Postby Darby on April 2nd, 2015, 2:55 pm 

Watson » April 2nd, 2015, 1:40 pm wrote:Interesting stuff here. I'm going to look for some of these ingredients next time I'm in the big city.
Last year I marinated a whole chicken in Coke Cola. It was very good and I can't believe I haven't had it again since. I think it is time to do it again, with some spices to jazz it up further. We are getting back to the BBQ type weather.


Ah, now vertical can chicken is something I can help you with, and improve your technique on.

As for the marinade: the cola technique is better suited for pork rather than chicken, but if you want better results, dilute the coke to half strength first (too much acid will start to ceviche the meat, and add some salt to it). Personally, for chicken, I prefer just a little oil, ground dried rosemary, and kosher salt, and that's it.

OLD SCHOOL METHOD:

About 20 years back, I used to regularly use a half-full "tallboy" can of whatever beer was handy for vertically roasting chicken. Some tips, in no particular order ...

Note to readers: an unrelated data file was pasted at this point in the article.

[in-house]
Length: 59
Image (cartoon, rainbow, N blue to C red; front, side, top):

* Liquid: It is important to keep the can about half full. The actual liquid used is of minimal importance, since the flavor & steam contribution is counter-intuitively minimal. The REAL purpose of the liquid is to help lower the center of gravity to reduce the tendency to tip. Another reason not to let the can run dry is that modern cans are lined, and contain BPA, and sometimes a plastic nitro widget for things like guinness, and if the latter burns, it's gonna stink up your dinner.

* Church Key: To help promote steam, use a church key to make a few extra openings in the top of the can. If you happen to have some impermeable stainproof pie weights, you can add a few of those too, to help lower the center of gravity still further.